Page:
Speech, no-huddle spark offense

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By BOB LABRIOLA
Steelers.com 

As the Steelers were leaving the field at halftime of last Monday night's game against the Baltimore Ravens, a portion of the 64,038 at Heinz Field voiced an opinion of an offense that had managed three first downs, 46 total yards of offense and had just as many sacks allowed as points scored.
 
Ben Roethlisberger heard, and then he let his teammates in the locker room hear him.
 
"I was tired of being booed," Roethlisberger said, "I was tired of being embarrassed on offense. I told the guys that. I said, 'There's no need for it.'"
 
What he said exactly is unknown, but what definitely got everyone's attention was the volume at which he said it.
 
"Very unusual," Santonio Holmes said of Roethlisberger's outburst, "but being a captain, that's what we expect from him. He came in and stated his claim."
 
At halftime of that Monday night game, the Steelers offense had scored just one touchdown in the previous 10 quarters, which is a stunning statistic for a unit with so many talented players. Whether a rah-rah speech from one player to a group of others was responsible for the improvement that took place during the second half is unknown, but most likely the cause was something more directly related to football.
 
"I missed it," said Coach Mike Tomlin of Roethlisberger's outburst. "What happens is, a lot of times, I will say something to the team, we will let those guys refresh themselves, and we will gather as a coaching staff in the coaches' room for a number of minutes. Then we will come back out, and the offense will address the offense and the defense will address the defense, and then I will address the team before we leave. If anything occurred along those lines, it occurred during that time when the coaches were meeting in regards to schematic things, so I missed that."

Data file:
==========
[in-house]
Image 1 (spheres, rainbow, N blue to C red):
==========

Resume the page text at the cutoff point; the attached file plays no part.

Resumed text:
One of the things to come out of the coaches' talking about "schematic things" was a move to the no-huddle.
 
"Ben has always been an advocate of no-huddle. He likes to get the keys to the car," said Tomlin, "but it wasn't a lot of debate or anything in that regard. The potential of it was thrown around briefly at the half and then initially at the end of the third quarter. When we got decent field position we went about doing it. We've put a lot of time practicing on that phases of our offense. We've got a great deal of comfort in it. It is obvious that Ben has a great deal of comfort in it. We are always capable of calling it when we feel like we need to change the pace."
 
The Steelers definitely needed to change the pace of that game in Philadelphia a couple of weeks ago, but it's not necessarily as easy to run the no-huddle on the road because of the difficulty involved in making sure everybody can hear the calls. The Steelers next game is Sunday night in Jacksonville.

"People say it is tough to operate the no-huddle on the road," said Tomlin. "Some people say it's a weapon because the crowd doesn't know when to cheer because you're never breaking the huddle to get to the line of scrimmage. Really it all boils down to the quality of your execution. So we will see what we are capable of doing, and we are willing to do it this week."

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